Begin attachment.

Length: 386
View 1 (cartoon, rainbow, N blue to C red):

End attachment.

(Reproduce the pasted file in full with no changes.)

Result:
Length: 386
View 1 (cartoon, rainbow, N blue to C red):